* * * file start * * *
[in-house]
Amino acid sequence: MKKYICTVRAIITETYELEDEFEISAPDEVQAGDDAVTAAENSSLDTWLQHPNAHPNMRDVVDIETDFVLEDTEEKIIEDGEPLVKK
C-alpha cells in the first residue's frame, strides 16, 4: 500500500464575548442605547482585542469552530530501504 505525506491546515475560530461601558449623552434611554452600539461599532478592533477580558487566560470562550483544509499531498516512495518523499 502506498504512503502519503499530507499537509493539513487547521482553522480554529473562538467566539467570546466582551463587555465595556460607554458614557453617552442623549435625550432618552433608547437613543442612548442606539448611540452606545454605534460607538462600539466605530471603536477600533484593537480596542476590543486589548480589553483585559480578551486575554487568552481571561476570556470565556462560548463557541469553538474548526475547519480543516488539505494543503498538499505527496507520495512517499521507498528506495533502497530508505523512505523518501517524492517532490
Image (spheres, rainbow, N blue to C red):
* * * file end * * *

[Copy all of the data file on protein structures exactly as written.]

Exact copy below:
[in-house]
Amino acid sequence: MKKYICTVRAIITETYELEDEFEISAPDEVQAGDDAVTAAENSSLDTWLQHPNAHPNMRDVVDIETDFVLEDTEEKIIEDGEPLVKK
C-alpha cells in the first residue's frame, strides 16, 4: 500500500464575548442605547482585542469552530530501504 505525506491546515475560530461601558449623552434611554452600539461599532478592533477580558487566560470562550483544509499531498516512495518523499 502506498504512503502519503499530507499537509493539513487547521482553522480554529473562538467566539467570546466582551463587555465595556460607554458614557453617552442623549435625550432618552433608547437613543442612548442606539448611540452606545454605534460607538462600539466605530471603536477600533484593537480596542476590543486589548480589553483585559480578551486575554487568552481571561476570556470565556462560548463557541469553538474548526475547519480543516488539505494543503498538499505527496507520495512517499521507498528506495533502497530508505523512505523518501517524492517532490
Image (spheres, rainbow, N blue to C red):